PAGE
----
The best of this collection comes later. “First Breath” by a new-ish writer, Nicole J. LeBoeuf, is an interesting exploration of a sort of transference of life through breath. And I always love Kathe Koja and Carol Emshwiller, whose contributions here (Emshwiller’s is one of only two reprints) are good.

The final four stories alone justify the price of the anthology.

Michael Cisco’s “Bread and Water” tells of a captive vampire trying to cope with his appetites, as well as an incapacity to consume what he desires. The creature’s gradual transformation, told in Cisco’s uniquely intense prose, evokes in the reader an effect like delirium. More than anything else in the book, “Bread and Water” inspired me to seek out more by this writer. That’s not to say it was the best story overall, but the best by an author I’ve previously overlooked.

Margo Lanagan’s “The Mulberry Boys” is told like a fable or second-world fantasy more than a horror story, but what’s actually happening here has quite a nasty edge. Through some bizarre process of surgery and altered diet, humans or human-like creatures are transformed into passive silk factories. I love the way this story is told. Very effective.

“The Third Always Beside You” by John Langan reminds me a little of Peter Straub’s recent novel A Dark Matter in its exploration of a male character trying to piece together disturbing past events. Here a brother and sister discuss their long-held perception that their father might have been unfaithful to their mother, and whether any truth might lie behind this. The fantastic elements along the way are of the subtle “thought I heard a sound, and looked, but nobody was there” variety, yet the story conveys a mysterious and even dreadful sense of secrecy. I own two of Langan’s books which I haven’t read yet, but this story convinced me to nudge these upward in my “must read soon” list.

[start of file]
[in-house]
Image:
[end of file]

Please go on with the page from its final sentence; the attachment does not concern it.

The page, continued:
The last contribution is by Laird Barron, recently the most consistently excellent writer of horror and dark fantasy novellas and novelettes. “The Siphon” includes elements which may seem familiar to readers of Barron’s earlier stories, but this comes across not as repetition, but a fleshing-out of a fictional world which increasingly cross-connects between one story and another. None of the characters, so far as I can determine, appear in prior Barron tales, yet the template of bored, wealthy decadents tantalized by forbidden or occult knowledge is reminiscent of such stories as “Strappado” and “The Forest.” Such is Barron’s skill that even when he’s not trying something entirely new for him (as I believe he did in “The Men From Porlock” and “Blackwood’s Baby” which appear in other recent anthologies), the work nonetheless functions at such a high level as to stand clearly apart.